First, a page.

A Massachusetts lawmaker has jumped into the controversy over a patient who was left on an operating table while the surgeon ran an errand. Senator Richard T. Moore has vowed to file legislation requiring hospitals to tell patients when doctors lose their hospital privileges.
Hospitals not forced to inform of suspensions
By Anne Barnard and Quynh-Giang Tran, Globe Staff, 8/16/2002
Jumping into the controversy over the surgeon who left his anesthetized patient on the operating table to go to the bank, the Senate chairman of the state Health Care Committee yesterday vowed to file legislation requiring hospitals to tell patients when doctors lose their hospital privileges.
Senator Richard T. Moore also said he would consider filing a broader bill that would require hospitals to tell patients about unexpected events and errors in their medical care.
Charles Algeri, the abandoned patient in the July 10 incident, yesterday filed a complaint with the state against Mount Auburn Hospital, contending that hospital officials should not have waited four weeks to tell him that Dr. David Arndt had left him unconscious on the operating table for 35 minutes.
The Department of Public Health will investigate the allegations. But the larger issue of whether and when the hospital should have told Algeri about the incident or about Arndt's suspension is murkier. There are currently no state regulations or national hospital standards that require hospitals to inform patients of a doctor's suspension.
Mount Auburn president Jeanette Clough defended the hospital, saying officials did their best to protect Algeri's interests, including transferring his care to another orthopedic surgeon, Dr. Robert Miegel. However, Algeri said yesterday that he did not remember anyone introducing himself as his new doctor.
''I would have asked, `What happened to my old doctor?' '' he said. ''They didn't want me to know.''
The Arndt case intensified interest in what was already a hot issue in medicine. Arndt's trip to the bank was not exactly a medical error - regulators called it a lapse of professional conduct - but the lapse raises similar issues.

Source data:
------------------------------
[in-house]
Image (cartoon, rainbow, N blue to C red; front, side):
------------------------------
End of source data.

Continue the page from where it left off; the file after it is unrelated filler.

''This is an area under intense discussion - whether or not patients should be informed about errors that may or may not have affected the outcome - how much, when, and so on. There's a lot of controversy,'' said Dr. Richard Coteau, executive director for strategic initiatives at the Joint Commission for Healthcare Accreditation, which accredits hospitals.
Last year, the Joint Commission adopted a new standard that requires hospitals to tell patients about adverse outcomes, but it does not require them to tell patients whether the outcome was the result of human error.
Coteau said the rule was in response to concerns that hospitals sometimes were not telling patients about unexpected problems that might not be obvious to the patient - such as a spleen having to be removed unexpectedly during surgery, which could affect a patient's immune system.
However, it's not clear whether hospitals are following the year-old rule, said Nancy Ridley of the state Department of Public Health, who oversees Massachusetts hospitals. Under a $4.5 million federal grant for reducing medical errors, the department is trying to find out by surveying patients on what they were told about their cases - and comparing that to medical records.
''We're trying to find out what patients are being told and what they want to be told,'' Ridley said.
Algeri yesterday also disputed Mount Auburn's view that he was unharmed by the surgery. He said he has chronic leg pain that he did not have before the surgery. His lawyer, Marc Breakstone, said he was waiting to decide whether to file a lawsuit until it becomes clearer whether Algeri will recover completely.
Clough said Algeri was not initially told of Arndt's unusual departure from the operating room because Algeri appeared to be recovering normally and the hospital's usual policy is not to tell patients about unusual events during surgery unless the patient has been harmed.
''We believed that it was in the patient's best interests not to do anything that would interrupt his care and recovery,'' Clough said in a statement. ''We have endeavored to do the right thing and to protect the interests of our patient, Mr. Algeri, and other future patients. We deeply regret that Mr. Algeri perceives Mount Auburn as having acted otherwise.''
Coteau said the Joint Commission is investigating the Arndt incident to determine ''whether the hospital responded appropriately and whether there are any systemic issues that would potentially place other patients at risk.''
Clough said yesterday that Arndt had not yet passed the written portion of the exam for board certification in orthopedics, but that he was allowed to perform surgery because he had completed an orthopedics fellowship and was thus considered ''board eligible.''
She apologized to patients and staff for the stress from the incident and said the hospital was examining areas where it could improve policies or performance.
''Clearly, we have learned some lessons from this experience,'' she said.
Anne Barnard can be reached at email@example.com
This story ran on page B1 of the Boston Globe on 8/16/2002.